The Philadelphia 76ers are a pretty good team who could pose a threat to some upper echelon Eastern Conference teams in the first round.
Miami is not one of them. The Sixers lack the ability to pound the Heat inside where they are soft. Philly also relies on getting out and running a little, getting some easy points in transition, but Miami is flat out better in transition at both ends. LeBron James lives for chase-down blocks, Dwyane Wade is unstoppable in the open court. But the Heat have generally just slowed the game down and beaten the Sixers in the half court this series. Take away the one thing the Sixers can do well and they have struggled to score consistently.
There are no easy answers for Philly coach Doug Collins. But he needs to find some for Game 3 Thursday night. Or it’s all over. Nobody comes back from being down 3-0. Unless Dave Roberts plays basketball, too.
Philly has done some things that worked. Andre Iguodala has done a good job on Wade, particularly in crunch time. Chris Bosh and LeBron James have had big games, not Wade yet.
What the Sixers need to do is turn LeBron, Bosh and the rest of the Heat into jump shooters. They’re not bad at it, but they are far more effective when they get in close. And the Heat are all too willing to settle for the jumper (as pointed out at The Heat Index). Miami took 24 long two pointers (16 feet out to the arc) in the last game. A ridiculously high number for a team with all the talent to get to the rim they have. The only more ridiculous thing is they shot 54.2 percent on them. That is not sustainable. Force them to shoot jumpers and they will miss.
Look for the Sixers, back at home, to play with a real sense of desperation. If Miami can withstand the onslaught and energy, they still have the matchup advantages to win Game 3. And if that happens, well, Doug Collins can start scheduling player exit interviews.
The Nets’ projected record this season came under greater scrutiny when the Celtics traded Brooklyn’s unprotected first-round pick to the Cavaliers in the Kyrie Irving trade. After finishing third-to-last and last the previous two years, were the Nets poised to take a step forward, or would they convey a very high pick to the Cavs?
Jeremy Lin, who missed 46 games last season, getting healthy was a reason for optimism in Brooklyn and pessimism in Cleveland. But it appears the veteran guard could be out a while.
Adrian Wojnarowski of ESPN:
Billy Reinhardt of Nets Daily:
If the injury is as bad as feared, what a bummer for Lin. He came to Brooklyn expecting to play a leading role on a developing team, and he just can’t stay healthy.
The Nets were probably more focused on developing their younger players, but – especially without their own draft picks – there was no harm in shooting for the playoffs. This appears to a blow to that (already unlikely) dream.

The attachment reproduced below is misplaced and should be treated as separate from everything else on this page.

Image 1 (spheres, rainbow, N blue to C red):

It’s a boon to the Cavaliers, though. And whenever something significantly affects LeBron James‘ team, it has ramifications into the entire power dynamic of the Eastern Conference. For an injury to a player on a team most expect to be bad, the medical developments here will be tracked closely around the league.
Remember when Aaron Gordon was a promising fun player?
The Magic sidetracked him by playing him at small forward most of last season. But back at power forward, Gordon showed how he could push the pace as a four in Orlando’s season-opening win over the Heat.
There’s obviously flair in passing to yourself off the backboard, but it’s a sound way to improve position. Gordon did that to fantastic effect.
Gordon Hayward is going to have surgery on his ankle and leg, which should not be a surprise to anyone who saw the gruesome injury to his leg just 5:15 into his Celtics career. There is no timetable for his return yet, maybe he makes it back for the playoffs, but the Celtics are not going to rush him and he may well miss the entire season.
What next for Boston?
In this PBT Extra I cover the three things to watch for from Boston, which in the short term could mean the Kyrie Irving show. Longer term, not much changes.
Gordon Hayward broke his leg early in his Celtics debut – a devastating injury. He’s preparing for surgery tonight, per Jeff Goodman of ESPN:
First – after a perfect introduction from Marcus Smart – Hayward addressed the Boston crowd from his hospital bed before tonight’s game against the Bucks.
What’s up everybody? Just wanted to say thank you to everyone who has sent me your thoughts and prayers. I’m going to be alright. It’s hurting me that I can’t be there for the home opener. I want nothing more just to be with my teammates and walk out onto that floor tonight. But I’ll be supporting you guys from here and wishing you the best of luck. Kill it tonight. Thanks, guys.
At least this nice moment (and an outpouring of support) came out of such a gruesome injury.
And if Smart keeps setting up his teammates so well, maybe the Celtics’ offense will keep humming.